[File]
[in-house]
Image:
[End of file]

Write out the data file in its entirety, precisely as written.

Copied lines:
[in-house]
Image: